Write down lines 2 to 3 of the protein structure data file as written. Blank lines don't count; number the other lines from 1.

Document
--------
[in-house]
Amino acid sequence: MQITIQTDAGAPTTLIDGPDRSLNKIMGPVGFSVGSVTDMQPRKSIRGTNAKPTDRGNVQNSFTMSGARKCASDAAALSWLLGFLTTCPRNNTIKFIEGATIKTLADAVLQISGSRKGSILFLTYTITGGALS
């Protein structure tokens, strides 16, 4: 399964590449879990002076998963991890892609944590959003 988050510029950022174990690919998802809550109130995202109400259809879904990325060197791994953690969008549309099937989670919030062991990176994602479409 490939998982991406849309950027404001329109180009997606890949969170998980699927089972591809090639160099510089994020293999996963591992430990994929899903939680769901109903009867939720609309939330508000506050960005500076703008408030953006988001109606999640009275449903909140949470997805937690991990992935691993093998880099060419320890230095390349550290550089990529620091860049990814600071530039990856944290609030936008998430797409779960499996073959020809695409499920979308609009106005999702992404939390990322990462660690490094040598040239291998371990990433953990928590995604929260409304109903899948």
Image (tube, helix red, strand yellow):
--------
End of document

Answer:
Amino acid sequence: MQITIQTDAGAPTTLIDGPDRSLNKIMGPVGFSVGSVTDMQPRKSIRGTNAKPTDRGNVQNSFTMSGARKCASDAAALSWLLGFLTTCPRNNTIKFIEGATIKTLADAVLQISGSRKGSILFLTYTITGGALS
């Protein structure tokens, strides 16, 4: 399964590449879990002076998963991890892609944590959003 988050510029950022174990690919998802809550109130995202109400259809879904990325060197791994953690969008549309099937989670919030062991990176994602479409 490939998982991406849309950027404001329109180009997606890949969170998980699927089972591809090639160099510089994020293999996963591992430990994929899903939680769901109903009867939720609309939330508000506050960005500076703008408030953006988001109606999640009275449903909140949470997805937690991990992935691993093998880099060419320890230095390349550290550089990529620091860049990814600071530039990856944290609030936008998430797409779960499996073959020809695409499920979308609009106005999702992404939390990322990462660690490094040598040239291998371990990433953990928590995604929260409304109903899948």